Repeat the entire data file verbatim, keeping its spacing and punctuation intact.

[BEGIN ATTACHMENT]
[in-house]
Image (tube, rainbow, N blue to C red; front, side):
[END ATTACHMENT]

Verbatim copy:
[in-house]
Image (tube, rainbow, N blue to C red; front, side):